Mesopotamia: Geography & Climate

Instructor: Tommi Waters

TK Waters has a bachelor's degree in literature and religious studies and a master's degree in religious studies and teaches Hebrew Bible at Western Kentucky University.

While many people imagine ancient Mesopotamia as a hot and dry region, its inhabitants settled there because of the plentiful water supply. Continue reading to learn more about the climate as well as the natural and political geography of Mesopotamia in this lesson.

Ancient Mesopotamia

When you think about ancient Mesopotamia, you probably imagine a huge desert area that is hot and dry. While some of the area was like this, some of Mesopotamia was actually a temperate region that was full of life and abundance. Mesopotamia was located in an area called the Fertile Crescent, named such because of the fertile soil created by the abundance of water sources. The name Mesopotamia itself means ''in the middle of the rivers.'' The region was located between the rivers Tigris and Euphrates. To get a better understanding of what ancient Mesopotamia was like, let's look at some details about the geography and climate of the region.

Geography of Mesopotamia

Bodies of Water

As we have already discussed, the Mesopotamian region was well-supplied with water from several natural land forms. The Tigris River formed the northern-most boundary of Mesopotamia. The Euphrates River formed the southern-most boundary. Both rivers flowed from the north to the south east, emptying into the Persian Gulf, which formed the eastern border of Mesopotamia. Today, the area we consider Mesopotamia is located mostly in Iraq.

The Tigris River flowing through Baghdad, Iraq
The Tigris River flowing through Baghdad, Iraq.

Political Geography

Because of the rich soil, it is not surprising that some of the ancient civilizations decided to settle in Mesopotamia. Three of the greatest and earliest civilizations resided there. The Akkadians, whose language was used to write great literary works like 'The Epic of Gilgamesh', resided in the middle of the Mesopotamian region. The Sumerians resided towards the southeastern end of the region, on the banks of the Persian Gulf. They were the earliest major civilization and were responsible for creating the wheel and the base-60 numerical system we use today. The Assyrians were one of the greatest empires of the time and lived towards the northwest of Mesopotamia, but expanded their control because of their strong military.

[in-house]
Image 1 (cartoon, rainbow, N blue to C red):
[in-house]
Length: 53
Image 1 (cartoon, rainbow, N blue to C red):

Because of the instability of the rivers, the empires relied on irrigation systems to both prevent flooding and draw water from the rivers into their land. Imagine relying on crops to grow your food instead of being able to go to the grocery store. In ancient Mesopotamia, the crops, of course, needed to be watered, but with little rain, agricultural workers had to connect their irrigation systems to the rivers with canals to draw water into the land. However, when it did rain, the rivers often overflowed which could kill crops or wash them away. The workers had to build diversion dams which would keep the water from flowing into the fields, preserving the crops needed for the livelihood of the Mesopotamians.

A map of the Fertile Crescent with Mesopotamia in dark brown; the Tigris and Euphrates Rivers in royal blue; the Persian Gulf in light blue; and the red, green, and yellow dots represent Assyria, Akkad, and Sumeria.
Map of the Fertile Crescent

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